|[MEDINA]||Medina, A., Allman, M., and S. Floyd, “Measuring Interactions Between Transport Protocols and Middleboxes,” Proc. 4th ACM SIGCOMM/USENIX Conference on Internet Measurement , October 2004.|
|[RFC2385]||Heffernan, A., “Protection of BGP Sessions via the TCP MD5 Signature Option,” RFC 2385, August 1998 (TXT, HTML, XML).|
|[RFC2988]||Paxson, V. and M. Allman, “Computing TCP's Retransmission Timer,” RFC 2988, November 2000 (TXT).|
|[RFC3344]||Perkins, C., “IP Mobility Support for IPv4,” RFC 3344, August 2002 (TXT).|
|[RFC4301]||Kent, S. and K. Seo, “Security Architecture for the Internet Protocol,” RFC 4301, December 2005 (TXT).|
|[RFC4423]||Moskowitz, R. and P. Nikander, “Host Identity Protocol (HIP) Architecture,” RFC 4423, May 2006 (TXT).|
|[RFC4987]||Eddy, W., “TCP SYN Flooding Attacks and Common Mitigations,” RFC 4987, August 2007 (TXT).|
|[RFC5246]||Dierks, T. and E. Rescorla, “The Transport Layer Security (TLS) Protocol Version 1.2,” RFC 5246, August 2008 (TXT).|
|[SOLARIS-MANUAL]||Sun Microsystems, “Solaris Tunable Parameters Reference Manual,” Part No. 806-7009-10, 2002.|
|[TRILOGY]||“Trilogy Project,” http://www.trilogy-project.org/.|
[[Note to the RFC Editor: Section to be removed upon publication.]]
|-10||Addressing the gen-art review comments from Scott Brim. Updated reference to [RFC5246] (Dierks, T. and E. Rescorla, “The Transport Layer Security (TLS) Protocol Version 1.2,” August 2008.). Added funding source acknowledgment.|
|-09||Resubmission after expiration. Updated reference to [RFC5226] (Narten, T. and H. Alvestrand, “Guidelines for Writing an IANA Considerations Section in RFCs,” May 2008.).|
|-08||Addressed additional, minor working group last call comments.|
|-07||Addressed working group last call comments.|
|-06||Includes a note on the limited space for TCP options and miscellaneous editorial changes (suggested by Anantha Ramaiah). Includes possible enforcement of per-outgoing-interface limits for the UTO, and miscellaneous editorial changes (suggested by Alfred Hoenes). Includes relevant changes to reflect WG consensus how the local user timeout should be selected (i.e., record both the current user timeout, and the advertised UTO).|
|-05||Made behavior on when to change/not change the local UTO in response to incoming options consistent through the document. This required some reshuffling of text and also removed the need for the special "don't care" option value.|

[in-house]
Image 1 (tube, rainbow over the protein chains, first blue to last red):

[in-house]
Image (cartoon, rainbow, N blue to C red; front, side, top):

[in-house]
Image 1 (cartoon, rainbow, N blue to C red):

|-04||Clarified the results obtained by Medina et al. Added text to suggest inclusion of the UTO in the first non-SYN segment by the TCP that sent a SYN in response to an active OPEN.|
|-03||Corrected use of RFC2119 terminology. Clarified how use of the TCP UTO is triggered. Clarified reason for sending a UTO in the SYN and SYN/ACK segments. Removed discussion of the SO_SNDTIMEO and SO_RCVTIMEO socket options. Removed text that suggested that a UTO should be sent upon receipt of an UTO from the other end. Required minimum value for the lower limit of the user timeout. Moved alternative solutions to appendix. Miscellaneous editorial changes.|
|-02||Corrected terminology by replacing terms like "negotiate", "coordinate", etc. that were left from pre-WG-document times when the UTO was a more formalized exchange instead of the advisory one it is now. Application-requested UTOs take precedence over ones received from the peer (pointed out by Ted Faber). Added a brief mention of SO_SNDTIMEO and a slightly longer discussion of SO_RCVTIMEO.|
|-01||Clarified and corrected the description of the existing user timeout in RFC793 and RFC1122. Removed distinction between operating during the 3WHS and the established states and introduced zero-second "don't care" UTOs in response to mailing list feedback. Updated references and addressed many other comments from the mailing list.|
|-00||Resubmission of draft-eggert-gont-tcpm-tcp-uto-option-01.txt to the secretariat after WG adoption. Thus, permit derivative works. Updated Lars Eggert's funding attribution. Updated several references. No technical changes.|
|Nokia Research Center|
|P.O. Box 407|
|Nokia Group 00045|
|Phone:||+358 50 48 24461|
|Universidad Tecnologica Nacional / Facultad Regional Haedo|
|Evaristo Carriego 2644|
|Haedo, Provincia de Buenos Aires 1706|
|Phone:||+54 11 4650 8472|